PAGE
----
Campeche Reinvents Itself in Search of the US Market

The state of Campeche, in Mexico, was historically known for its oil production, with more than 68% of Mexican crude oil, until the oil crisis hit them hard. Instead of remaining with crossed arms, they set in motion a plan to reinvent themselves with the aim of becoming an agri-food power.

As part of this strategy, the Economic Development Secretariat of Campeche, under the direction of José Domingo Berzunza Espínola, has been working on several fronts to raise awareness of this wealth, with the aim of bringing its products throughout the Mexican territory, as well as to the great market of the United States.

“As a result of the oil crisis, we had to reinvent ourselves, we had to develop new vocations and see what other things we can take from Campeche to the world. This is a state that has less than one million inhabitants, so it does not give us internal consumption and our vocation must be an exporting vocation,” said Berzunza Espínola in an interview with Abasto magazine.

During the Expo ANTAD & Alimentaria held in Guadalajara at the beginning of last March, Campeche was the state invited to the trade fair, the most important in Latin America, where 24 companies had the opportunity to present their products.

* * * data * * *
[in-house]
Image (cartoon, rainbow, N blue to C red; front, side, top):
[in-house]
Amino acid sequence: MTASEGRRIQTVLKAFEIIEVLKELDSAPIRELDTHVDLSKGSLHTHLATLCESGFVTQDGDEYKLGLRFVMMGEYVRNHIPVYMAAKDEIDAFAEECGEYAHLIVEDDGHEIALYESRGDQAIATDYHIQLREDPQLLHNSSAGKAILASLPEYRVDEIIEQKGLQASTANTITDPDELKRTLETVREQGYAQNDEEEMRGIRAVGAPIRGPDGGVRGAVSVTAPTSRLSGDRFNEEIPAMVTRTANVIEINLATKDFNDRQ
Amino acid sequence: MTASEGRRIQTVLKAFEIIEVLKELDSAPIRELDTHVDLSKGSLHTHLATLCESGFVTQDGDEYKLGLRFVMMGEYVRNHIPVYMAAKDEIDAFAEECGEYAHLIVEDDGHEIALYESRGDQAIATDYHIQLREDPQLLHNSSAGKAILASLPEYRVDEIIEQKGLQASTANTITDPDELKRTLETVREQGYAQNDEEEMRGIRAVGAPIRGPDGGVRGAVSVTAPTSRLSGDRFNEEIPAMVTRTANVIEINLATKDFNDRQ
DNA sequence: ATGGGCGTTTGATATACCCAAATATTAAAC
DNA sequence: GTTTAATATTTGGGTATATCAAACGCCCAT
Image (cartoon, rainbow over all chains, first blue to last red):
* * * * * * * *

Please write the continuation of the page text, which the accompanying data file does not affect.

“In Campeche we have emblematic products like honey … We are also a great producer of habanero pepper, we are producers of chocolates, of coconut products, we have a variety of fried foods, as well as Stevia and Moringa derivatives. I think that is very attractive for increasingly demanding markets,” explained Berzunza Espinola.

The governor of Campeche, Alejandro Moreno Cárdenas, also visited the pavilion of his state at the Expo ANTAD & Alimentaria 2018, where he held meetings with prominent businessmen, among them the founder of Northgate González Markets, Miguel González Reynoso, who expressed his interest to the president to integrate quality products from the southeast of Mexico on the shelves of its supermarkets in California and the investment opportunities offered by the state.

The Insatiable Appetite for Mexican Food in the U.S.

For its part, the Secretary of Economic Development explained to Abasto the strategy they have been developing to achieve their goals of expansion in the agri-food market.

“We established a strategy in three parts. The first one is a regional border, we are motivating so that the campechano producers can begin to sell their products in the neighboring states; our next frontier are the metropolitan markets, large cities in Mexico and a third border is the international one … The United States is a very important market for us, mainly Texas and Louisiana, two states with which Campeche historically has a very important relationship, because we have been very closely linked to the oil issue,” said Berzunza Espínola.

In order to be successful in this strategy, according to the Secretary of Economic Development, his office is developing a plan so that the ‘campechanos’ “do not continue thinking of working in a transnational oil company, but can take advantage of our natural wealth, transform it and offer it to the world.”